“What have you done to him? What have you done to his eyes, you maniacs!”
Based on the Manga by Tsugumi Ohba and Takeshi Obata, Death Note is a huge franchise in Japan. The Netflix remake rather misses the entire message of the original Death Note – which is that power corrupts. It barely touches on the themes that gave the original depth and intrigue and lacks its tension-building storytelling, which left the viewer wondering where the latest development might lead, and who would win. It’s the version for people who can’t cope with subtitles.
“Every human spends the last moments of his life in the shadow of a death god.”
The Blair Witch Project is ‘The Cardiff Giant’ of modern horror films. The film employed the now common trope of “found footage” to give an authentic and haunting atmosphere to the story. The movie was also one of the first to use the internet to reinforce the found footage concept, going so far as to hire actors to pose as policemen for interviews and post pictures of artifacts found at the crime scene.
“In October of 1994 three student filmmakers disappeared in the woods near Burkittsville, Maryland, while shooting a documentary… A year later their footage was found.”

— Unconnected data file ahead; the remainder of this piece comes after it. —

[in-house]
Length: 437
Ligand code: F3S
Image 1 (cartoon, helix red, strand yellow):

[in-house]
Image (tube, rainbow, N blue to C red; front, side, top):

Split is a grindhouse film in disguise, particularly repulsive for the cavalier way it blames women for the degeneracy of McAvoy’s character.
What makes Split so frustrating is that it could have been Shyalaman’s best film. Visually the film is perfect and the sound strikes the right balance between serene and scary, much like a Hitchcock film. The tension is palpable in the psychiatrist’s scenes, and the gripping terror of the girls is captured perfectly as their predicament grows worse.
“An individual with multiple personalities can change their body chemistry with their thoughts.”
Directed by S.F. Brownigg and released in 1973, Don’t Look in the Basement is an independent horror film that was unfortunate enough to fall foul of the UK media upon it’s 1981 home release; yet fortunate enough to not be prosecuted under the Obscene Publications Act in 1985.
For me, Don’t Look in the Basement was an impulse buy on home video, spurred on by the film’s cult status and history as a ‘video nasty’.
“The line between sanity and madness can be crossed in a single step. And with this step you enter the nightmare world of terror. On the day the insane took over the asylum!”
What a delightful coincidence that the young actress in Gore Verbinski’s latest feature A Cure for Wellness should be named Mia Goth. Never has an appellation been more appropriate.
A Cure for Wellness proves to be an audacious, intoxicating, feverish piece of cinema – administering copious doses of Freudian symbolism and classic Gothicism. If you’re not a fan of things Gothic, or if you suffer from ichthyophobia, this may not be the film for you…